Rate per hour: Rs. 500,000 x 10 = Rs. 5,000,000/30 = Rs. 166,666/8 = Rs. 20,833. Therefore, the cost of the three hour meeting equals Rs. 20,833 x 3 = Rs. 62,499. This figure excludes the man-hour cost of the chairperson and the cost of tea/coffee and refreshments, electricity costs for lighting and air-conditioning. Now think… was the meeting worthwhile after considering opportunity cost?
Be a good “assistant”
This may surprise many, but a great boss is really a good “assistant” to his subordinates; when the subordinate needs help in some area beyond his reach, the boss offers help. When the subordinate lacks knowledge, the boss assists him by educating him. Thus the boss functions as a dependable assistant to his subordinates in areas where the subordinates can’t handle things alone. This will make the bond strong and employees tend to be more committed to work and loyal to the organisation.
Be a strategic thinker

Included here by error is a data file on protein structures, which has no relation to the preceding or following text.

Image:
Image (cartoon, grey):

Strategic thinking is the most discussed word in management meetings but is not really practiced. Strategically thinking leaders not only develop a definitive view point of the future, they also shape the culture – defining the behaviours necessary to pursue the path.
Formulating strategic vision and defining core values is certainly the manifestation of strategic thinking. Strategic planning is not strategic thinking. Strategic planning is following up on strategic thinking. Clarity in thinking leads to great strategic plans.
Undoubtedly, the imaginations of strategic thinkers have no bounds. Yet strategic thinking is not about wild dreams. Leaders who think strategically have judicious mix of creative and critical thinking. Creative thinking helps such leaders develop new ideas and critical thinking helps them judge these ideas on their worth. Creative thinking is about new ideas and critical thinking is about picking up practical ideas, together they make leaders, strategic thinkers.